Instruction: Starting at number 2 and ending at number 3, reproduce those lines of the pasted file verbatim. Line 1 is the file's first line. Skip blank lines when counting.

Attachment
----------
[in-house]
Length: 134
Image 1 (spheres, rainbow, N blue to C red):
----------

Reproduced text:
Length: 134
Image 1 (spheres, rainbow, N blue to C red):